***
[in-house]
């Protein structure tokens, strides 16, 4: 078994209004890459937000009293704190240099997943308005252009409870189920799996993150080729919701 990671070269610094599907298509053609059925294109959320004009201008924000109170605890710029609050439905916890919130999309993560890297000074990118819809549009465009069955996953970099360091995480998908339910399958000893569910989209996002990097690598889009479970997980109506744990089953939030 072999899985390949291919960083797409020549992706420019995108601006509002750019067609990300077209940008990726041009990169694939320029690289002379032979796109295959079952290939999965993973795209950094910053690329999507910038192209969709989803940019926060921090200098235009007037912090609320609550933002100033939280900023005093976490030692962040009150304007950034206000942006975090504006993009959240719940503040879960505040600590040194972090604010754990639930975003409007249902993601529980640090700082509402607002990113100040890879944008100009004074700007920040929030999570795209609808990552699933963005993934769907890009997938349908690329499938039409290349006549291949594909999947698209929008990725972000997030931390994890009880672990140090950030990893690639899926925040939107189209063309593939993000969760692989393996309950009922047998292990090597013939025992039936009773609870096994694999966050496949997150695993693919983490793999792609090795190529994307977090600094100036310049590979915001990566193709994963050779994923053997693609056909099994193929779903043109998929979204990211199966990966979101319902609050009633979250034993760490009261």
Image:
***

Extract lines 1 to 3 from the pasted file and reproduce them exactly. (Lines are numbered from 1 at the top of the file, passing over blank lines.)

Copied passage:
[in-house]
């Protein structure tokens, strides 16, 4: 078994209004890459937000009293704190240099997943308005252009409870189920799996993150080729919701 990671070269610094599907298509053609059925294109959320004009201008924000109170605890710029609050439905916890919130999309993560890297000074990118819809549009465009069955996953970099360091995480998908339910399958000893569910989209996002990097690598889009479970997980109506744990089953939030 072999899985390949291919960083797409020549992706420019995108601006509002750019067609990300077209940008990726041009990169694939320029690289002379032979796109295959079952290939999965993973795209950094910053690329999507910038192209969709989803940019926060921090200098235009007037912090609320609550933002100033939280900023005093976490030692962040009150304007950034206000942006975090504006993009959240719940503040879960505040600590040194972090604010754990639930975003409007249902993601529980640090700082509402607002990113100040890879944008100009004074700007920040929030999570795209609808990552699933963005993934769907890009997938349908690329499938039409290349006549291949594909999947698209929008990725972000997030931390994890009880672990140090950030990893690639899926925040939107189209063309593939993000969760692989393996309950009922047998292990090597013939025992039936009773609870096994694999966050496949997150695993693919983490793999792609090795190529994307977090600094100036310049590979915001990566193709994963050779994923053997693609056909099994193929779903043109998929979204990211199966990966979101319902609050009633979250034993760490009261």
Image: